Indonesia’s central bank said its new rule shortening hedging duration to a minimum of one week is now effective, and expects it to help stabilise the rupiah that is pressured by a growing current account deficit.
Foreign investors could previously only hedge forward transactions for a minimum of three months, which contributed to recent rupiah volatility as they shifted to safer instruments amid an uncertain global economy.
The rule is part of moves announced by Bank Indonesia last week to reduce volatility in the rupiah and lower the current account deficit, which reached a record high of $6.94bil in the second quarter.
“This will help stabilise the rupiah and won’t much affect the current account deficit,” central bank governor Darmin Nasution told reporters yesterday.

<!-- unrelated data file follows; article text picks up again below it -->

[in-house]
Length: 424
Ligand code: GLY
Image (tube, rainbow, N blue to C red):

The central bank has forecast the current account deficit to improve to 2.2 percent of gross domestic product (GDP) in the second half of this year. Last quarter, the deficit was 3.1 percent of GDP.
A current account deficit is rare for Indonesia which usually sees a trade surplus. But falling exports caused by lower commodity prices and growing imports due to strong domestic demand have resulted in trade deficits for three straight months to June.
Nasution said faster economic expansion could lead to a bigger current account deficit. The central bank has hinted it will take measures to avoid credit bubbles such as by imposing minimum downpayments for loans provided by the syariah industry.
Indonesia’s economy surprisingly grew by 6.4 percent last quarter due to strong investment and domestic demand, above a consensus of 6.1 percent. Bank Indonesia expects the economy to expand 6.1 percent to 6.5 percent this year.